Sunday, 15 July 2012

Location: Tanzania

Today is my god brother, Harry’s 20th birthday – I can’t believe he is so old! Happy Birthday Bro! I’m sad that I won’t get to tell him happy birthday in person, but he missed one of my birthdays a few years ago so now we’re even!
When I woke up this morning, I didn’t expect to be participating in an African music video!! I still don’t even fully understand what happened. I was sitting in my hotel room and I heard very loud music coming from outside. I just assumed that the workers here liked to work while listening to music. After five or so minutes of the music, I decided to look outside... and when I did I saw that there was about 10 women singing a song to a camera with 20 or so people watching them. 5 of us stepped outside and then we got called over by a man that told us that we were going to be in a ‘picture’. We were all so confused about what was happening but just decided to go with it. There were 5 men in suits standing in a row and Brenda, Sheena, my mom, and I all had to stand between them while they sung to the camera, reminding you this is in Swahili... we had no idea what they were singing. My mom and I recognized the tune from my brother’s church and so I know I have heard the song before... but in English. I couldn’t stop laughing at how awkwardly funny this was. After swaying back and forth to the music in front of the camera, we then relocated to in front of a fountain that didn’t have any water in it. All of the singers started to climb onto the fountain and so we did too. I expected to have a picture taken since that what they told us it was going to be, but then they started to sing again and I realized we were in another part of their music video. I was handed a baby that I held for a little while and then someone took her off me. Everyone kept looking at us and encouraging us to sing the words, and we had to keep telling them that there’s no way we could even figure out what they were singing! After the scene at the fountain we had to tell them that we needed to go do work because we really didn’t want to be in any more of the video. I really hope we get to see the video some day, it was all so funny and I know that we all just looked like idiots standing there swaying back and forth and smiling. If I do get to see the video, I doubt I will show any of my friends... sorry!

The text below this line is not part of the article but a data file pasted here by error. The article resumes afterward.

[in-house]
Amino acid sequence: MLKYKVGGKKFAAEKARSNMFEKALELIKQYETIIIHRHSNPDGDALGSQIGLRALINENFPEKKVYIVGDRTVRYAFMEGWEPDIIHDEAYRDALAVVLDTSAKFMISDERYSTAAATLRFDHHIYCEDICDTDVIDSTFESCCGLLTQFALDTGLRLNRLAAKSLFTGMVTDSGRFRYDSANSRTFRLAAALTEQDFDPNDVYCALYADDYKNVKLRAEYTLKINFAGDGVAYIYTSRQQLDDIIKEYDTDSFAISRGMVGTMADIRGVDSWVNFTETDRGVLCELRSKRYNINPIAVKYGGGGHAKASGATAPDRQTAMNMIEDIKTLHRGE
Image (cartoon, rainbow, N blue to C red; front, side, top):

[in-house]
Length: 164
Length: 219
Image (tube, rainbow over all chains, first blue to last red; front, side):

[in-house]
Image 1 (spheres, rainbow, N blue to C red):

The rest of the day was uneventful, but i'm really excited for what this week has instore for us!

Saturday, 14 July 2012

Location: Kahama, Tanzania

4 AM comes very fast when you need to be up at that time. I had all of those typical dreams where I forgot to set the alarm and now I’m running late. Luckily that didn’t happen and we unfortunately woke up to the lovely sound of an alarm clock. We all looked beautiful as we piled into the taxi to take us to the bus stop. We are fortunate enough to have a friend that owns a taxi that was willing to pick us up so early. Wellers piled our 14 heavy suit cases into his taxi van and then we drove down to the bus station, hoping that the bus we had got tickets for was still as big as we thought it would be, and we weren’t going to be put onto a smaller more cramped bus. Luckily we were able to get on the bus, but there was a big commotion about the size of our suitcases that is a big blur now, but in the end we had to pay the ‘owner’ of the bus $33.
The bus was taking us from Kigali, Rwanda to Kahama, Tanzania – meaning halfway through our trip we had to get out and go through the border. The first half of the trip from Kigali to the border was through mountains, making the roads very windey and making me car sick. It was so fun; there was nothing in my stomach so I was just kind of ... .gagging. Great image hey? You’re welcome!
Arriving at the border we had to pile out of the bus and line up to a booth allowing us to leave Rwanda - that took about an hour. Then we had to line up to another booth that allowed us to enter Tanzania – taking up another hour of our day. Luckily for me the roads in Tanzania are relatively straight, but 75% of the roads aren’t really full paved yet, making our trip very bump. The bus was squeaking the whole way to Kahama. I felt like I got a free visit the chiropractor.
We then pulled into the bus station in Kahama and oh my goodness it was the most hectic and confusing thing I have ever experienced. The bus was packed and we had to squeeze our way outside, into a crowd of taxi drivers and people trying to sell us things. We had to rush to the back of the bus to show the bus driver which of the suitcases were ours. We had to stand really close to the suitcases to make sure nobody tried to take any of our things, and to make sure that all our suitcases were off the bus. We needed three taxis to go to our hotel so the taxi drivers started to take away our suitcases to their cars before we had a chance to count them all. I was so overwhelmed I felt the tear in my eyes, so many people taking to us at once. Trying to touch my arms and telling me they loved me, and they were all laughing and talking to me in Swahili so I had no idea what was going on. When we arrived at the hotel we found out that one of our suitcases was missing. This was very upsetting since I had seen both of the suitcases being taken out of the bus. My mom and Brenda took a taxi back to the bus and luckily the bag that was missing had been on the bus... I guess in the confusion it had been put back on. I’m really relieved we have all of our suitcases and I really never want to experience that again. Once is enough.